Taize at Ascension Catholic Church in Oak Park Illinois

This has been a sabbatical focused on working with homeless men who participate in prostitution. I have learned a great deal of risk factors, typologies, medical considerations and exploitation. I have become familiar with a large body of literature on various forms of prostitution.

However, this has also been a time of personal growth, of pilgrimage and contemplation. I have loved being exposed to a variety of prayer forms, even if I would not choose to use them. The experience that integrates all of my experiences and that nourishes me is Taize worship. I view human behavior holistically and I am learning that being grounded spiritually has a strong impact on my ability to serve others. Now the challenge will be to find Taize services in my little part of the world.

Faithing in Chicago: a Visit to a Croatian-Franciscan Church

Blessed Alojzije Stepinac Croatian Church Chicago Outside II

When Cathi and I were undergrads at Northeastern Illinois University Cathi took a photography class. This required that she take outdoor photos. I still remember a heavy snow covered cemetery and church, the old St. Henry’s next to Guardian Angel Orphanage. The church looked spectacular with its tall steeple and guardian gargoyles. I hoped to one day see the inside of the church. I never guessed that would happen 30 years later. Nor would I have guessed it would be a Croatian, Franciscan Church. Last week I attended Mass at Blessed Alojzije Stepinac Croatian Church, same church building, different congregation.

I had also been interested in Croats for a long time. I use to drive by the Croatian cultural Center and wonder what it would be like to ago inside. Our superintendent of our building in Chicago was a Croat. He along with some other men took over the German Consultant General’s office and it required the active negotiations of Mayor Bilandic, ano0ther Croatian to end the crisis.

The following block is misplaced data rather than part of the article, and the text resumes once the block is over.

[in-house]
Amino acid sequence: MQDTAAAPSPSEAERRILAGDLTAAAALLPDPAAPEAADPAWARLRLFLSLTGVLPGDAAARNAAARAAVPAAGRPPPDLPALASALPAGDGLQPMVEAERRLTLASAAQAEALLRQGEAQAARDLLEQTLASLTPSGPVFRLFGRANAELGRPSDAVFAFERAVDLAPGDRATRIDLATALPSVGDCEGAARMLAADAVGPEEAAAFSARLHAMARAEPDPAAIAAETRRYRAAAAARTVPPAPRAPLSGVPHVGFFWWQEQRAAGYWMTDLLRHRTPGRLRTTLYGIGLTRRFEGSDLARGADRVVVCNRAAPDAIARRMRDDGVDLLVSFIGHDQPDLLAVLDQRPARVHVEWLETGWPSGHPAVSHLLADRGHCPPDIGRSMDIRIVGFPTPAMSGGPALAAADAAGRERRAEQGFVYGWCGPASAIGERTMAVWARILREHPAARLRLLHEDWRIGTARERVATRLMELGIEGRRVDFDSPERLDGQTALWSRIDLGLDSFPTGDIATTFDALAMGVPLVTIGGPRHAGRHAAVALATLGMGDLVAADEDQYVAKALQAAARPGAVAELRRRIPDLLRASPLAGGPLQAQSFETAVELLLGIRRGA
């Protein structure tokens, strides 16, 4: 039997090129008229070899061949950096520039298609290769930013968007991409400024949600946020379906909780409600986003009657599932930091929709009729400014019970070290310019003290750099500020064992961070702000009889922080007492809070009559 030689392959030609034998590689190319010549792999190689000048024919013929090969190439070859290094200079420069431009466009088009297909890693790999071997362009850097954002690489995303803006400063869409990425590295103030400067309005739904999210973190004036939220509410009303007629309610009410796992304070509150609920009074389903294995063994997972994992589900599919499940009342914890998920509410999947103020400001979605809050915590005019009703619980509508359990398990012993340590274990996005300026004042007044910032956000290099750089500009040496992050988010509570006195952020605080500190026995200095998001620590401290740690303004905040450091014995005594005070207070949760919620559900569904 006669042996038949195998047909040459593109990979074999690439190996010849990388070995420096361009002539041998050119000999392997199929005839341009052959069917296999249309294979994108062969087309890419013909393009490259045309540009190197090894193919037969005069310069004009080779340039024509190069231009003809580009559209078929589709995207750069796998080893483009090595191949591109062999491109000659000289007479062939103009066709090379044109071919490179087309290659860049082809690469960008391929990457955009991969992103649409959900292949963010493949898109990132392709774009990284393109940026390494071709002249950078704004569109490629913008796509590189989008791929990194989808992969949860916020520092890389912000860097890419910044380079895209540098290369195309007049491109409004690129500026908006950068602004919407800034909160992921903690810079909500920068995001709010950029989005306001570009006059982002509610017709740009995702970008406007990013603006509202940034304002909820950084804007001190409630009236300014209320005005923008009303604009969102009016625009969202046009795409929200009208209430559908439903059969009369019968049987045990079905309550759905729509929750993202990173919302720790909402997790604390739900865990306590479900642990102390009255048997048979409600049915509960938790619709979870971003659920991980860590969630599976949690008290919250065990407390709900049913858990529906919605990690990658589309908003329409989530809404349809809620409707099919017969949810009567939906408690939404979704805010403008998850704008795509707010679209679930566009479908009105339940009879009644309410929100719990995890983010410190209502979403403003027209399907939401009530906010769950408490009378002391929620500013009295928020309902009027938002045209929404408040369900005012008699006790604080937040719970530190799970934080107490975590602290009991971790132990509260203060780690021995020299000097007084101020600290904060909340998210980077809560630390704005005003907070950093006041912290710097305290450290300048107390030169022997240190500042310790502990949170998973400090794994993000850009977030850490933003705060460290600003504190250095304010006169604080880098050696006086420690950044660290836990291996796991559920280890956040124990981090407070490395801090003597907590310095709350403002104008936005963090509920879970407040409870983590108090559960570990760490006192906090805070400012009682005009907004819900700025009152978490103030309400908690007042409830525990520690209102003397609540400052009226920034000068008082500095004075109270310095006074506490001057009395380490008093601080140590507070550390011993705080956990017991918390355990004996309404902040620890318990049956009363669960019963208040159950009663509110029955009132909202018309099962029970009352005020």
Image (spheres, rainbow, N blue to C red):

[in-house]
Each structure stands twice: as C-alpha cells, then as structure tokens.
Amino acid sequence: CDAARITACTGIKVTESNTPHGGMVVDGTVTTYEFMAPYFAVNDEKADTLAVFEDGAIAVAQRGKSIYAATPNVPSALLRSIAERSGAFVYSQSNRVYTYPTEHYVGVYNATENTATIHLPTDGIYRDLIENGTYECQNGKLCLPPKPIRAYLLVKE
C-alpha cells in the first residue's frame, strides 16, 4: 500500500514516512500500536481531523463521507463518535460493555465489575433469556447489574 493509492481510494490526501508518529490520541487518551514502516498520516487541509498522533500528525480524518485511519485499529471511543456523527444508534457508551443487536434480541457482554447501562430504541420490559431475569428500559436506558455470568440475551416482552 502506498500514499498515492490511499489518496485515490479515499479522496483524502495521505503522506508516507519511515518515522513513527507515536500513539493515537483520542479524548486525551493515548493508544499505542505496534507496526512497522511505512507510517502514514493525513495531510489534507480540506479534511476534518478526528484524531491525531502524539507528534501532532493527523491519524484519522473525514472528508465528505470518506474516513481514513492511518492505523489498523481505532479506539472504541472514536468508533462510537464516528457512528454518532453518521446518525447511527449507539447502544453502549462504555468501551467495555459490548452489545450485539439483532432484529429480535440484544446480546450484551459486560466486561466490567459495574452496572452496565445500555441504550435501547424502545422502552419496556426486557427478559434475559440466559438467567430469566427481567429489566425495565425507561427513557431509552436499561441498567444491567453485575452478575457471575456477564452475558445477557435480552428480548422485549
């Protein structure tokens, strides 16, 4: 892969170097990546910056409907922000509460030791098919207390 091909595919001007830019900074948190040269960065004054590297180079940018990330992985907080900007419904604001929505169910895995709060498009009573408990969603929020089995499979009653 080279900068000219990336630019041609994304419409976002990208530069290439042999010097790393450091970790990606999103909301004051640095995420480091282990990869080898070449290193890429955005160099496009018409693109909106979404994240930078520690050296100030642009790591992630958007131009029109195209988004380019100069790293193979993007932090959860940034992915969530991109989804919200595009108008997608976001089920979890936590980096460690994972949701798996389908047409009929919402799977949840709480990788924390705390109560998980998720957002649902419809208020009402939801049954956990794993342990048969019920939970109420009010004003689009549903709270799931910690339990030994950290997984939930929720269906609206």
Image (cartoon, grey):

So I attended Mass. This was the beginning of the English Mass, a new initiative of the church. I was glad to be at the English-speaking service. I understood I was missing out on some great music and probably a much larger group of attendees. Still, I had been to so many services in other languages that I opted out for simple. I am glad I did.

I had time to look at the beauty of the church.I had time to appreciate the Franciscan stain glass windows. Afterward I met with the priest. He had noticed my Tau and identified me as a fellow Franciscan before I ever introduced myself to him. He told me the church had been built by Germans but was always meant to be Franciscan, again, the evidence was the windows. The congregation than became part of Guardian Angle Orphanage. In the middle of the last century it then became a Croatian church and in the last transformation, a Franciscan Croatian church. The priest said this was the center for Croatian Franciscans and that there were 30 friars.

There are a number of Croatian Catholic churches in Chicago. At one time Chicago was referred to as “the second capital of Croatia.” I have been to many ethnic churches since the beginning of my sabbatical. However, this is the first church had direct ties to. I was glad to finally step inside this beautiful building. I was grateful for the warm welcome. If I had time I was visit Blessed Alojzije Stepinac Croatian Church again.

Saturday, November 27, 2010

Fort Wayne, Santa and One Man's Dream

I am always amazed at the impact one person can have. We have seen election in the recent past where every single vote counted and had to be recounted. One person refusing to go to the back of the bus changed history. Well, it is not just the huge elections or the bigger than life movements that highlight the power of one.

I am doing my sabbatical at Emmaus Ministries in Chicago. This is an urban ministry for homeless men who participate in prostitution. This fall Emmaus Ministries celebrated their 20th year of service. Emmaus is the result of one man’s dream.

Emmaus Ministries 2010

John Green was a graduate student at Wheaton College when he began working with male prostitutes. He had worked with Covenant House in New York where he became aware of the need for services for male hustlers. When he returned to Chicago to complete his education he also began his ministry. Twenty years later that ministry includes administrative staff, outreach staff and ministry center staff. It includes a prison ministry and an extensive educational component. This is all because of the dream of one man.

At about the same time John was beginning to work with homeless males Lisa Nigro, a retired Chicago cop was reacting to how the homeless of Chicago were being treated. She was angered at how they were over-looked at best and often people were rude to them. She responded by taking a red wagon, filling it with donuts and coffee and then going out on the streets to feed the hungry. Once she was noticed by future supporters things quickly changed. She got an office, then more space, staff and then the cafe.